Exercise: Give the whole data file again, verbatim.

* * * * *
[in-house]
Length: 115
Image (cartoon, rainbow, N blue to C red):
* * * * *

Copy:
[in-house]
Length: 115
Image (cartoon, rainbow, N blue to C red):